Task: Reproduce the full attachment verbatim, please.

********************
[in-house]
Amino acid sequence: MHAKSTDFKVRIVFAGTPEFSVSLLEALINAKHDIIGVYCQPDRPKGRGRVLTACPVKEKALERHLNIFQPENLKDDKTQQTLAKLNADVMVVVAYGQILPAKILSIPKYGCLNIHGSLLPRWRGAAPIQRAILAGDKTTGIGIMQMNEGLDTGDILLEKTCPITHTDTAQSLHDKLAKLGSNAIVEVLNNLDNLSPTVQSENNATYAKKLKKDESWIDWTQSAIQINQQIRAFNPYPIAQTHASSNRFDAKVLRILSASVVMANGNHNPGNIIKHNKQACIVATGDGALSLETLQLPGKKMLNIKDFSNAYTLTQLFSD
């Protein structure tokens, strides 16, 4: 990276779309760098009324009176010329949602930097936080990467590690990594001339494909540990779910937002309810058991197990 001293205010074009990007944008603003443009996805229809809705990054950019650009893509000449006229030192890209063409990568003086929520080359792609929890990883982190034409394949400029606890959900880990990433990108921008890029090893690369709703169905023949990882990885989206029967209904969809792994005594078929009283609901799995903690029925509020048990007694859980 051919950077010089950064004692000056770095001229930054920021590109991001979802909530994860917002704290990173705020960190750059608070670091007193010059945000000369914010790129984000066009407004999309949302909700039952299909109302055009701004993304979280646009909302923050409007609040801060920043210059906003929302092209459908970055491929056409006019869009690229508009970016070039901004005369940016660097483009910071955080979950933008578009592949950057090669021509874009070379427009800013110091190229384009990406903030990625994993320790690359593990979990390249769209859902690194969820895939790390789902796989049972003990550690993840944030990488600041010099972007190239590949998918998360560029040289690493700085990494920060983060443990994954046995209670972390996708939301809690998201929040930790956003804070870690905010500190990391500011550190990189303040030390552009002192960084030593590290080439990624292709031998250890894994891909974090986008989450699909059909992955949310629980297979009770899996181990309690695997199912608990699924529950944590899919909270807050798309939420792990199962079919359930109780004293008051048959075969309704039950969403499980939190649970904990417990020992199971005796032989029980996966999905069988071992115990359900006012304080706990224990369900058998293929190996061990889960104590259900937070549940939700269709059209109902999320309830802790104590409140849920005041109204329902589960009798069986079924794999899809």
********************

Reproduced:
[in-house]
Amino acid sequence: MHAKSTDFKVRIVFAGTPEFSVSLLEALINAKHDIIGVYCQPDRPKGRGRVLTACPVKEKALERHLNIFQPENLKDDKTQQTLAKLNADVMVVVAYGQILPAKILSIPKYGCLNIHGSLLPRWRGAAPIQRAILAGDKTTGIGIMQMNEGLDTGDILLEKTCPITHTDTAQSLHDKLAKLGSNAIVEVLNNLDNLSPTVQSENNATYAKKLKKDESWIDWTQSAIQINQQIRAFNPYPIAQTHASSNRFDAKVLRILSASVVMANGNHNPGNIIKHNKQACIVATGDGALSLETLQLPGKKMLNIKDFSNAYTLTQLFSD
């Protein structure tokens, strides 16, 4: 990276779309760098009324009176010329949602930097936080990467590690990594001339494909540990779910937002309810058991197990 001293205010074009990007944008603003443009996805229809809705990054950019650009893509000449006229030192890209063409990568003086929520080359792609929890990883982190034409394949400029606890959900880990990433990108921008890029090893690369709703169905023949990882990885989206029967209904969809792994005594078929009283609901799995903690029925509020048990007694859980 051919950077010089950064004692000056770095001229930054920021590109991001979802909530994860917002704290990173705020960190750059608070670091007193010059945000000369914010790129984000066009407004999309949302909700039952299909109302055009701004993304979280646009909302923050409007609040801060920043210059906003929302092209459908970055491929056409006019869009690229508009970016070039901004005369940016660097483009910071955080979950933008578009592949950057090669021509874009070379427009800013110091190229384009990406903030990625994993320790690359593990979990390249769209859902690194969820895939790390789902796989049972003990550690993840944030990488600041010099972007190239590949998918998360560029040289690493700085990494920060983060443990994954046995209670972390996708939301809690998201929040930790956003804070870690905010500190990391500011550190990189303040030390552009002192960084030593590290080439990624292709031998250890894994891909974090986008989450699909059909992955949310629980297979009770899996181990309690695997199912608990699924529950944590899919909270807050798309939420792990199962079919359930109780004293008051048959075969309704039950969403499980939190649970904990417990020992199971005796032989029980996966999905069988071992115990359900006012304080706990224990369900058998293929190996061990889960104590259900937070549940939700269709059209109902999320309830802790104590409140849920005041109204329902589960009798069986079924794999899809």